Intellectual Property Protection: Part 1
Intellectual property in loose terms means the output of original thinking. Intellectual property thus (among many other things) includes inventions, engineering, industrial and other types of designs, research data, artistic and literary works, symbols, designs, images, and names that are used for business purposes, and patents, copyrights and trademarks. From a practical perspective, intellectual property is any type of information that may prove of benefit to a company, but that is also likely to attract the interest of and potentially prove of benefit to that company’s competitors.
Over time the worth of an organization has increasingly been measured in terms of the intellectual property that the organization owns. According to several recent estimates, up to 80 to 90 percent of an organization’s worth is based on the intellectual property that it possesses. At the same time, however, protecting intellectual property is one of the greatest challenges that organizations generally face. Bluntly put, counterfeiters, pirates, and industrial espionage perpetrators are running amok. Anyone who doubts this ought to travel to countries such as China to see the incredible amount of illegal copies of movies, music and software that are available there at public places for a fraction of the legitimate price.
Fortunately, organizations do not have to fight to preserve intellectual property alone. The World Intellectual Property Organization (WIPO), an international intergovernmental organization, was established to guard the rights of intellectual property owners. WIPO’s Trade Related aspects of Intellectual Property (TRIPs) provides minimum standards for intellectual property protection and enforcement. TRIPs requires that every nation provide a minimum level safeguarding of intellectual property based on standards that are for the most part aligned with current international agreements. Additionally, laws in various countries such as the Digital Millennium Copyright Act (DCMA) in the US provide certain protections to copyright holders. Unfortunately, WIPO, TRIPs, and national laws alone are not anywhere nearly sufficient to provide the level of legal protection that intellectual property owners generally require.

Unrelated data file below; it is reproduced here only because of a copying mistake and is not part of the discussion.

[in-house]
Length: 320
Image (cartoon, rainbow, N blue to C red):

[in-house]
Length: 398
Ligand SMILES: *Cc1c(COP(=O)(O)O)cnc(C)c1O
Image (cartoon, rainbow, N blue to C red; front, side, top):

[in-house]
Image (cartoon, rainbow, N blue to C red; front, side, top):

Please recall an earlier blog posting of mine in which I argued for the need for a broader view of information security, one that views information security transcending IT security. Information security must recognize and mitigate not only conventional IT security risk, but also risk related to an organization’s information, regardless of the particular form (electronic, printed, spoken, and so on) in which that information exists. As most organizations’ ability to create and suitably handle intellectual property goes, so goes the organization. Intellectual property needs to be recognized and protected, and no function within any organization is more suited to do both than is information security.
The bottom line is that recognition of and protection of intellectual property represents a great but, unfortunately, until now mostly unrecognized area of opportunity for information security. Senior management of organizations would very much value a systematic effort to identify and safeguard information that fuels the business. I suspect that the reason that most information security practices have not immersed themselves in this endeavor is the widespread perception both within and outside of the ranks of information security functions that information security deals only with passwords, firewalls, system audit output, and policy. Information security functions could not only break away from this stereotype, but also greatly endear themselves with senior management by squarely taking on the issue of intellectual property protection.